The EU AI Act: An enterprise response strategy


  • The EU AI Act was approved by MEPs in March 2024, with key provisions taking effect around summer 2026.
  • However, specific provisions for risky systems will start in late 2024.
  • Infringements related to prohibited systems amount to either €35,000,000 or 7% of a firm’s worldwide annual turnover for the previous financial year, whichever is greater.
  • It is therefore paramount that organizations build an adequate response strategy to the act, across people, process, and technology.
  • The 10-pronged approach outlined here will enable firms to mitigate risk, embed responsible by design into key products and processes, increase AI preparedness, and drive innovation.

Regulation is a top concern for businesses becoming AI-first. But AI advances so fast that most regulation is playing catch-up. New global regulations are making compliance obligations a key part of the AI roadmap. A case in point is the new EU AI act (hereafter, the act), approved by members of the European Parliament in March 2024. Rather than seeing this law as a nuisance, firms should consider its ethical implications when building their responsible AI strategy. The development of truthfulness indexes by Microsoft, Google, Meta, and Amazon, along with new explainable AI techniques in the generative AI era, prove the growing awareness of and need for ethical AI independent of regulation.

Here, we lay out key provisions of the act and discuss an ethical AI response strategy to keep firms ahead of legislation as they go AI-first.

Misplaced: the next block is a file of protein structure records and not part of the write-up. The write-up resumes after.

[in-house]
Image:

Key provisions of the EU AI Act

The act categorizes AI systems based on risk, subjecting high-risk ones to intense scrutiny and mandatory requirements, while low-risk ones have fewer gating criteria. This will prohibit certain applications, like social scoring or those exploiting human behavior, deemed as posing “unacceptable risk.” A detailed appendix defines categories of use cases that fall in these brackets.

The act also defines general purpose AI (GPAI), comprising foundation models such as ChatGPT and DALL-E, the workhorses behind generative AI innovations.

This separate category has more obligations and demands more scrutiny. Within this category, the act also defines certain general purpose AI as having systemic risks, such as those trained with a cumulative computational capability of 10^25 FLOPS or more.

Most of the act’s obligations fall on providers, developers, and deployers of AI systems. It applies to organizations developing AI inside the EU member countries, and sometimes those outside the EU if their AI system’s output is consumed within the EU.

Obligations on high-risk providers include:

  • Establish a risk management system throughout the AI system’s life cycle.
  • Maintain technical documentation to enforce compliance, accessible to authorities assessing AI systems.
  • Establish mechanisms for logging and recording AI system outputs.
  • Introduce a quality management system and human oversight.
  • Design and maintain AI systems for a certain level of robustness, security, and accuracy.

Providers of general purpose AI models must also:

  • Maintain detailed documentation on testing and training processes.
  • Pass on information and documentation to downstream providers.
  • Establish a policy to respect IP and copyright.
  • Publish a sufficiently detailed summary of the AI office’s template.

For general purpose AI models with systemic risks, obligations include:

  • Perform intensive model evaluations, including conducting and documenting adversarial testing.
  • Assess and mitigate possible systemic risks, including their sources.
  • Track, document, and report serious incidents and possible corrective measures to the AI Office.
  • Ensure adequate cybersecurity protection.

How will the act be enforced?

The EU AI Office will monitor the implementation and compliance of general purpose model providers. Downstream providers can object to work carried out by upstream providers and any other infringement they deem critical.